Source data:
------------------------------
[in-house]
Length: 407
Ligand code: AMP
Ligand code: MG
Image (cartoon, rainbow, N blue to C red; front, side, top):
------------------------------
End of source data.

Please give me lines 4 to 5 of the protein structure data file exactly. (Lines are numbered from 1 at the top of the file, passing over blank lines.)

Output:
Ligand code: MG
Image (cartoon, rainbow, N blue to C red; front, side, top):